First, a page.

Technology can impact assessment in a variety of ways, from substituting digital tests for paper to self-marking online formative assessments, (Substitution and Augmentation in the SAMR model) it has great potential to assess skills and knowledge in ways that we couldn’t imagine or were not possible previously, redefining how we assess.
When considering which assessment tool to use, begin with your learning goal. Understand what it is that you’re intending to assess in the first place. The next consideration is selecting an assessment tool that will give you the kind of information you need to assess students progress toward the particular learning goal.
|“Too Many Hammers”|
One of my favorite sayings:
‘if all you have is a hammer, everything looks like a nail’
certainly applies to assessment. If all you do is assess learning with a paper and pencil test, you’re seriously limiting the learning goals you can have for your students.
In a recent Professional Learning session for our Middle and High School staff we aimed to introduce a few items teachers could add to their assessment toolkit.
Socrative is a tool I’ve written about before in the context of the ‘flipped classroom’. This tool has a simple web interface that is made for mobile devices but works well on our student’s MacBook Pros. The whole premise behind Socrative is that it can be a way to collect instant feedback on student learning without having to radically modify how we teach.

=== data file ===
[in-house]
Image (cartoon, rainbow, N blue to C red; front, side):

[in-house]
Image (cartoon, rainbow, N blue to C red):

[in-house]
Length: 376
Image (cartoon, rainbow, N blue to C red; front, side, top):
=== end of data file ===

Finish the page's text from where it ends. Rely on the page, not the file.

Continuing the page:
Typically, teachers will pose problems to students, maybe writing them on the board or asking orally. The lucky student who is called upon gets to answer while some in the class may just play the odds and not engage in the problem. Using Socrative, the teacher can push an “answer space” to every student and have them respond and view the live results challenging everyone to answer. The instructor can immediately use this live feedback to decide if they need to spend more time on this particular topic or if the class is ready to move forward.
In our session, we first pushed a short quiz of belief statements about assessments (crowd-sourced from Twitter, share code: SOC-183118) which had no right or wrong answer*. Respondents selected based on their belief whether the statement was “more true than false” or “more false than true”. We downloaded a report of the results. They then partnered up with another teacher and went through the quiz together having discussion on the statements they didn’t agree on.
*to assist in data analysis, I marked every question with “more true than false” as the correct answer.
Our MS & HS Maths teachers have used Socrative quite a bit to “take the temperature” of the class following a lesson using ‘Exit Ticket’ quizzes. (Socrative has a standard one built in or you can make your own) These typically have students rate their own level of understanding or comfort with the material, solve a few example problems, and have an opportunity to ask questions that linger in their minds. Our teachers were already using paper-based Exit Tickets and really like the ease of data analysis that the Excel reports from Socrative quizzes afford them.
We gave participants an Exit Ticket, share code: SOC-175368 at the end to get feedback and to help us know what their needs are for future sessions.
Though Socrative easily allows us to get a quick read on how all our students are learning, the type of response (multiple choice or written response) limits the depth and types of learning we can assess. To get a glimpse into the thinking process students are using, an entirely different genre of assessment is needed.